Victory over Mara (detail); Mongolia?; 19th century; Pigments on cloth; 30 7/8 x 25 1/2
(78.42 x 64.77 cm); Rubin Museum of Art; C2006.66.305 (HAR 699)
The Himalayan region is home to strong narrative traditions-evidence of which is found in a great number of Himalayan works of art. Once Upon Many Times will present the variety of forms that tell stories of the Buddha, great teachers, legendary masters, spiritual quests, and adventures of heroes painted in thangkas, murals, and told in front of portable shrines.
Written by Elena Pakhoutova
A picture is worth a thousand words.
This adage aptly characterizes the topic of this exhibition—the diverse narrative artistic traditions prevalent in Tibetan culture.
For the past millennia Tibetan narrative painting has reflected the rich Buddhist lore of stories, morality tales, and legends initially mostly related to the Buddha's life story, his teachings, and events that span his many lives. These numerous moral biographies originated in India and were embraced in Tibet, where they were adapted to local circumstances, leading to the creation of purely Tibetan narratives.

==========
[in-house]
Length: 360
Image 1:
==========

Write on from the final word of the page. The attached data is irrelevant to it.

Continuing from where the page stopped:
Tibetan teachers with the help of Indian masters invited to Tibet introduced, translated, and integrated Indian Buddhist culture with a great sense of purpose over the span of several centuries. The artistic expressions of a number of stories presented in this exhibition were modeled after the known Indian visual conventions. Many other stories and their pictorial presentations were developed by the Tibetans themselves and skillfully communicate important aspects of their own culture in order to maintain their religious traditions, inspire spiritual achievements, share myths of the land and its heroes, recount moral tales, or relate their everyday lives to the higher purposes demanded by Buddhist teachings. Each of these objectives invites a certain way of engaging with the images.
This brochure surveys the main themes expressed in Tibetan pictorial narratives: the Buddha's stories, life stories of masters—histories and wonders, stories of spiritual quests and divine protection—and popular dramas.